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The Joanna Briggs Institute EBP Database is a new database available to the UCSF community. It is a great database for finding evidence-based practice resources. Upon reviewing this database, I ran some test searches to see what information is available to find, notable database features, and what kind of searches work best.
Running an initial search:
You will find that it will search your topic among the publication types:
- systematic reviews
- systematic protocols
- evidence summaries
- recommended practices
These are just some of the publication types that you will find and you can limit your search to a specific type. If none are selected, then the database will look through all publication types for relevant items. I would only recommend filtering by publication type if you were truly searching, for example, systematic protocols. Broad searching through this database is best done through their ‘basic search’ feature. From here, you can type in your keyword or subject and also select ‘include related terms’ under the search bar. By doing this you are able to get a broad range of results to explore that topic because the database will look for related terms. When looking at the menu on the left of your search, you will see what other terms were used, which can help you adjust your search. This menu also allows you to filter search results even more by relevancy, years, author, and publication type.
Interesting Database Features:
Some interesting and useful features of this database is that it keeps your search history right at the top under the search bar. The database shows all of your past searches and the number of results that search had. This allows you to save searches and also create RSS feeds for that search.
Another notable feature is the ability to annotate search strings and search results. For example, if you are looking at a result and notice a key point in that article and what to make a note, there is an annotate option where you can add that note.
Upon creating an account, you can also save results into different project folders. This can be helpful if you are working on different topics at the same time and want to organize your findings. Creating an account will also allow you to use the JBI EBP tools: journal club, rapid, SUMARI, and tap. This database also allows you to search for multimedia, such as videos, images, and audio. I found this to be helpful especially is you are a more audio and visual learner.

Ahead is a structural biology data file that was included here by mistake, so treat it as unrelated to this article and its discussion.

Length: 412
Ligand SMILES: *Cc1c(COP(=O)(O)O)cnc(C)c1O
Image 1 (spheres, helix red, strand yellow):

The database also has a ‘search tools’ tab that can help you build your search. This is done by searching your term in options like tree, permutated index, and scope note. For example, searching by tree will give you the branching of that term, which can lead to finding a broader or more narrow term that will better fit (much like searching MeSH terms in PubMed).
Other things to note when using this database:
Make sure that your search term is spelled correctly. When searching in the search bar it will not auto populate terms or correct the spelling, so if the term is incorrect you will not be able to find useful results. Also, when looking at a result, clicking on ‘JBI Database PDF’ will allow to view the text. I found when searching, that most of the time clicking on the UC-eLinks button did not return the full text to me, so getting to the pdf through the JBI Database was the best option. From here you can download the article and save it in your preferred reference manager.
JBI is a great database to use when looking for evidence-based practice resources. Searching within the database can take a little time to get used to, but after doing a few searches JBI shows itself to be a helpful tool.
-Review by UCSF Library Education and Research Intern, Jessica Fabillaran